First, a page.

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Wednesday, June 19, 2002



Inmate sues over
sign language

A hearing-impaired woman says
the state provided no interpreter


By Debra Barayuga
dbarayuga@starbulletin.com

A disabled inmate at the Women's Community Correctional Center has filed suit against the Department of Public Safety and Hawaii Paroling Authority alleging she was denied equal access to facilities and services.

Charing Bernard, who is hearing impaired, filed the class-action lawsuit in U.S. District Court yesterday, alleging violations of the Americans with Disabilities Act and Rehabilitation Act of 1973.

Bernard has been unable to participate in educational, rehabilitative, and religious activities and services because the state has denied her the services of a qualified interpreter, said Stan Levin, one of two attorneys representing her.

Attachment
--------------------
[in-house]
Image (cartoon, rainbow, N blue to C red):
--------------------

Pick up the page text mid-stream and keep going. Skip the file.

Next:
Because of her impairment, Bernard can communicate only with the use of an American Sign Language interpreter.

She was paroled in March 2001 but could not participate in mandatory meetings with her parole officer because no interpreter was provided.

Because she didn't attend the meetings, her parole was revoked at a hearing in October 2001 and she was returned to prison. She is currently serving an eight-year sentence.

Bernard and an advocate have been trying for more than six months to get the state to provide a qualified interpreter. But because of the state's inaction, they decided to file suit, Levin said.

Public Safety and Paroling Authority officials could not be reached for comment.



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